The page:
With Guangzhou’s next generation
(Background: Fang Zhimin organiser of peasants against warlords)
Source: Personal photo 3 July 2019

There is also good reason why I chose ‘freedom’ and not ‘democracy’ for my title. It starts with a little story. At the time I came to HK I had two job offers; one from the National University of Singapore and another from the then HK Polytechnic, now Polytechnic University. But I was declared a prohibited immigrant by the sovereign Government of Singapore and ended up in the Crown Colony. The first thing friends who knew my political proclivities said was: “Kumar you are damn lucky, had you gone to Singapore you would have been in the lockup or deported within a month. In Singapore they have democracy” they added “but no freedom; in Hong Kong we have freedom, but not formal democracy”. Those who know both places will appreciate the point.

The protest rallies in HK in recent weeks, estimated by organisers at over one million (but much smaller) do not seek independence; secession is not their goal, Taiwan not their model. The demand is preservation of HK’s freedoms as promised at the handover in 1997 in the ‘One country two systems’ motto, and formalised in the Basic Law (HK’s mini constitution). People want to stop Beijing’s creeping encroachment. There is unease that Beijing undermined a promise of universal suffrage to elect their own leaders that most assumed had been given. There have been four or five abductions of critics of the PRC. The Hong Kongers among them returned a few weeks later duly chastened and lips sealed. Fifteen years ago the Hong Kong Government (HKG) attempted to ram through “Article 23”, a strong anti-sedition law, but was beaten back by mass protests like the present wave. People discern a systematic attempt at encroachment of freedoms and rights; they are not willing to surrender and are fighting back.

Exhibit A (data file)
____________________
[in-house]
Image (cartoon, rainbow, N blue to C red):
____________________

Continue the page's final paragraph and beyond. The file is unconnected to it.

The peril of the proposed extradition bill is that people accused of serious crimes in China can be extradited to stand trial there. But HK people have no confidence in China’s courts and its legal system. There is anxiety of extradition for criticising PRC leaders. Despite three decades of stellar economic performance like nowhere else in the world, the control freaks in Beijing are paranoid about free elections and democracy. Anywhere else in the world with such an economic report-card a government would be cruising to landslide election victory time after time. Why then are these leaders fearful of their own shadow? Because totalitarianism ensures a safe haven for individual leaders while the paraphernalia of democracy protects a system if it is delivering the goods, but individual leaders are dispensable. Totalitarianism’s task in China is not to safeguard the “socialist market economy” but rather to protect the top echelon and ensure its longevity in power. Xi Jinping has gone so far as to lift the two-term limit, as Mahinda Rajapaksa did, and his intentions are all too familiar.